What’s been interesting doing it is that although people hate being dragged on stage, nobody ever complains.  Everyone really does enjoy it because they’re not treated in any way nastily or humiliated or made to feel stupid – we’re the stupid ones – I think people really enjoy it.  Not once have we had a complaint.

There is a comedy/horror thematic that seems to run through a lot of your work, evident in ‘Coulrophobia’ for example.  Do you that there’s something in particular that puppetry can lend to the macabre?

I think it does by its nature.  If you look at the interest in puppetry, people are always interested in the dark side, the fairytale side of it.  A lot of people instantly go toward that.  It seems to fall into two camps in peoples’ imaginations.  If they think of puppetry they either think ‘cute, children’s theatre’ or they think ‘dark and twisted’.  We fall into the latter camp.  But I don’t go out of my way to make horrible grim, dark and nasty shows.  And I don’t go for deep, poetic and meaningful much either.  We’re not trying to play for every man, and it’s not an acquired taste, but it’s a taste that people will like, as soon as they’ve had some.

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What plans for the future?  What’s in the pipeline?

Myself and Vicky (the other half of Pickled Image) take it in turns with ideas.  She wanted to make a show about Grey Gardens, so we made ‘Little Edie’, and the Granddad series is predominantly driven by Vicky.  Recently, we’ve been toying with an idea about a young girl who meets a Yeti in a forest, and that’s had a tentative green light so production will begin in 2017.  It will be a non-language family show set in Russia in the 1950s.  We will be working with the writer, Hatti Naylor, who produced the very successful play ‘Ivan and the Dogs’, so that’s a project on the go.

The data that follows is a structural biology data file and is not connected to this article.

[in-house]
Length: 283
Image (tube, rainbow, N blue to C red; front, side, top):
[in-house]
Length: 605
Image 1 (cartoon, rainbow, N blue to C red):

We’re also considering making a storytelling show for next year, which will be a minimalist show – a very back to basics storytelling of stupid tales in a silly way with the minimum of puppets.  Plus we will continue to tour ‘Coulrophobia’, ‘Shop of Little Horrors’ and ‘Granddad’s Tales…’ has extended to a new performance.

So we have numerous productions going, with still loads more to come!

Interview by Emma Windsor


Formed in 2000, Pickled Image specialises in puppetry for live performance and theatre. Since its inception the company has gained international recognition and numerous awards for their darkly humorous visual productions.  To find out more about Pickled Image, their performances, their puppets or to book a show, visit the website: http://pickledimage.co.uk

Based in the heart of Bristol, Puppet Place offers workspace for artists and creatives including puppeteers, prop makers, graphic designers and filmmakers.  Benefits of becoming a resident at Puppet Place include a profile on our website, advice and information, discounted rates on hire rates in the fabrication and rehearsal studios and more.  To join Dik and artists like him, contact Rachel McNally at rachel [at] puppetplace.org or call 0117 929 3593.